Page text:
The ABCs of Scorsese A – E

********This article originally appeared on audienceseverywhere.net and contains material by A Redhead at the Movies, Richard Newby, and Diego Crespo.

Martin Scorsese will be 72 on the 17th of November. His impact on cinema is huge, his style is constantly copied but never perfectly replicated, the amount of Joe Pesci we have watched is largely due to him. Age has not mellowed him nor has success jaded him. Whenever a work bears his name, it’s usually going to be something a bit special.

So here’s to you, Marty.  For your birthday, we put together the ABCs of your career, themes, movies, and collaborators. Many happy returns. 

A is for Academy Awards: Unfortunately, any talk of Scorsese and the Oscars will mostly focus on the many times he has been nominated and snubbed. He has been nominated for an Oscar twelve times and won only once when he took home the award for best director in 2006 for The Departed. I don’t want to dwell on the other times that he lost (including in 1990 when he didn’t win for Goodfellas because Kevin Costner won for

Martin Scorsese in Taxi Driver, Columbia Pictures, 1976

Martin Scorsese in Taxi Driver, Columbia Pictures, 1976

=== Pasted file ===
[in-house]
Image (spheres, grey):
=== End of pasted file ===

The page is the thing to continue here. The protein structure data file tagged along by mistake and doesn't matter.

Dances with Wolves, a movie with narration so bad it sounds as though English isn’t Costner’s first language, so I will look at the positives.

He has directed actors/actresses to twenty-two Oscar nominations (with five winners), and overall his movies have received eighty nominations (with twenty winners). With eight best director nominations he is the second most nominated director in history (tied with the incomparable Billy Wilder), and continues to create innovative and thought-provoking work, even if sometimes the thought that is provoked is: will this be the movie that wins Leo DiCaprio his Oscar?

B is for Boardwalk Empire: Martin Scorsese is the top dog when it comes to telling mob stories in the film medium. In that sense, it only makes sense for him to have a hand in the creation of one of the great crime TV shows.